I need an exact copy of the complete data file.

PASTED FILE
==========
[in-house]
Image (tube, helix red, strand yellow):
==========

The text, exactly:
[in-house]
Image (tube, helix red, strand yellow):